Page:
The works of Liam Everett encapsulate controlled acts of natural degradation, each one a diorama of gorgeous decay. His canvases—scumbled, abraded skeins of flickering light and texture—are evidence of a full-bodied, active process of “destabilization.” Beginning with even layers of paint, the artist scrapes away and utilizes the transformative and corrosive powers of natural materials like salt and alcohol to determine the outcome of his creations. The resulting, mottled surfaces reflect the passage of time and recall the patina of the elements. While he’s garnered a following through these mixed-media paintings, having been spotlighted recently in showings at Altman Siegel and On Stellar Rays—the young San Francisco-based talent has proven that his ingenuity extends to printmaking, through six new etchings created at Paulson Bott Press.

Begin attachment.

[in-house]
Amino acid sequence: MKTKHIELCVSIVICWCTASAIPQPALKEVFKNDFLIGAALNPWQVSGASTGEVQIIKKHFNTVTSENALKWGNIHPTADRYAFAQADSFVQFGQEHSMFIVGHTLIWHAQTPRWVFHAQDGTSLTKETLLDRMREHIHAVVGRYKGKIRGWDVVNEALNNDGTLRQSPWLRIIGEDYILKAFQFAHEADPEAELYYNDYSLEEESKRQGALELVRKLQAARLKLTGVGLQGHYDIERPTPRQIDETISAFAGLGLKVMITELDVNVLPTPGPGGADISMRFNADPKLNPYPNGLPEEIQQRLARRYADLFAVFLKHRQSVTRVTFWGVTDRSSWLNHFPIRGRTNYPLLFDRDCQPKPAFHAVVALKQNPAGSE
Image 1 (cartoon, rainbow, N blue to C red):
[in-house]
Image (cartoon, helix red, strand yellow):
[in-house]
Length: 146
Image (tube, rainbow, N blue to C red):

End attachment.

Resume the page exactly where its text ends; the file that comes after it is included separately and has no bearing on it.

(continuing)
In his print work, Everett again allows the medium to speak freely, with methodology taking center stage. Trading linen canvas for copper plate, he masterfully effaces the purity of the unmarked surface, taking advantage of the invasive quality of etching. “He pressed plates into rolled asphaltum, fabric into soft ground, and scraped, burnished, and sanded the resulting marks to create rich, atmospheric compositions,” the press explains. The subtlety of Everett’s imagery is echoed by an Old World palette of earth-bound pigments—deep mineral burgundy, grey, and ultramarine work opposite rich fields of luminous ochre and gold. Captivating, understated compositions, the new etchings perfectly embody the energy and dynamism of his large-scale paintings, while serving as tributes to the art-making process.